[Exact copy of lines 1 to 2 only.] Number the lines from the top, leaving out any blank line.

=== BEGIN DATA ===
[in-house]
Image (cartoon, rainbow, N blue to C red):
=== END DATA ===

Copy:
[in-house]
Image (cartoon, rainbow, N blue to C red):